NEW YORK, Dec 1: A leading human rights monitor accused the United States on Wednesday of holding and possibly torturing at least 26 ‘ghost detainees’ in secret overseas locations. The prisoners, suspected of involvement in such terrorist acts as the September 11, 2001, attacks, the 1998 US embassy bombings in Kenya and Tanzania, and the 2002 nightclub bombings in Bali, Indonesia, are being held indefinitely and incommunicado, Human Rights Watch alleged.
They have been denied basic legal rights and access to counsel, the New York-based rights monitor said, publishing the names of 26 people it said were being detained outside the United States.
According to Human Rights Watch, US government officials, speaking anonymously to journalists, have suggested that some of the detainees have been tortured or otherwise seriously mistreated in custody.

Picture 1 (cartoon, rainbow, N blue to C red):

“President (George W.) Bush speaks about bringing terrorists to justice, yet not one of these suspects has actually been brought to justice,” said John Sifton, the watchdog’s terrorism and counterterrorism researcher.
“The Bush administration has severely compromised the chances of prosecuting terrorist suspects by holding them illegally, and reportedly subjecting some of them to torture and other mistreatment,” Sifton said.—AFP